The Language Of Flowers

June 4, 2019, 2:13 p.m.

Traditionally certain flowers have symbolic meanings and that is especially true for the flowers we choose for funerals and life events.

Flora and fauna have long been a staple of poetry and prose, and certain characteristics have been associated with the natural beauty around us.

The bard himself, Shakespeare often used flowers to portray certain meanings, often bringing another dimension to an act. In Hamlet, Ophelia hands her brother rosemary for remembrance:

"There's rosemary, that's for remembrance; pray you, love, remember.” And:

"There is pansies, that’s for thoughts" In French, pansy means thoughts, and was often used in this respect.

With this in mind, we thought we’d explain some of the hidden meanings around popular flowers, which you may want to add to your funeral ideas or include in a bouquet for a loved one.



The white lily is said to represent sympathy, which is why they are such a popular choice at funerals. Lilies are also symbolic of innocence and purity.


We all know that a red rose is a symbol of love, but they are also said to reflect courage and respect, whilst the pink rose, love, grace and appreciation and joy. Yellow is for friendship and caring, orange for passion.


Never mind the red rose, tulips were once the most popular symbol of a great love. These springtime beauties also carry with them the connotation of fresh beginnings from the dark months. It is also said that the Ottoman Empire used to plant the bulbs for eternal life and heaven.


Self-explanatory? These pretty wildflowers are symbolic of love and loyalty as well as remembrance. King Henry 1V of England also used the flower as his lucky charm whilst in exile and they are commonly used to remember loved ones.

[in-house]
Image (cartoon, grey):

The stunning purple fleur-de-lys of the iris is said to represent hope and faith. In Greek mythology Iris is the goddess of the rainbow, bridging heaven and earth. The darker ones are also said to represent wisdom and royalty.


Known as the King of flowers in China and up to 1929 they were the national flower. Popular with ruling dynasties, they are said to symbolise positivity, wealth and nobility. If you are given a peony it is said to convey that you are important to the person giving it to you.


The flower of the gods! Its Latin name dianthus means just that. Dios means god and anthus, flower. They have many meanings in different cultures, with red flowers traditionally representing love. Pink carnations were said to spring up after Jesus died on the cross, and the term ‘incarnation’. There are many different associations for this ancient flower. So much more than ‘petrol station’ flowers! 

We hope this has given you an insight into the meanings of different flowers. Our suggestion is to choose the flowers that are special to you and remind you of your nearest and dearest.


Meet Peggy, the patchwork superhero!
Peggy is a keen huunuu supporter and also makes fabulous patchwork throws and bed runners....